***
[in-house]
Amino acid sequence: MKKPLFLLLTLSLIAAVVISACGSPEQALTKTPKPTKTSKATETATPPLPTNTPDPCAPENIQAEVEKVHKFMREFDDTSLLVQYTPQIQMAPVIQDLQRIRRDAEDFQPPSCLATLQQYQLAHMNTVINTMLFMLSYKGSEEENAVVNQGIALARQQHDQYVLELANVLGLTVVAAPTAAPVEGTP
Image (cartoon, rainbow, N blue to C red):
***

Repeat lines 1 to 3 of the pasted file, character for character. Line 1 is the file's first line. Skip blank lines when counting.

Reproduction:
[in-house]
Amino acid sequence: MKKPLFLLLTLSLIAAVVISACGSPEQALTKTPKPTKTSKATETATPPLPTNTPDPCAPENIQAEVEKVHKFMREFDDTSLLVQYTPQIQMAPVIQDLQRIRRDAEDFQPPSCLATLQQYQLAHMNTVINTMLFMLSYKGSEEENAVVNQGIALARQQHDQYVLELANVLGLTVVAAPTAAPVEGTP
Image (cartoon, rainbow, N blue to C red):